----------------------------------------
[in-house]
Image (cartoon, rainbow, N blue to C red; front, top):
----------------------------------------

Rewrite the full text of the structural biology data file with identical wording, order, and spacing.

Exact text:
[in-house]
Image (cartoon, rainbow, N blue to C red; front, top):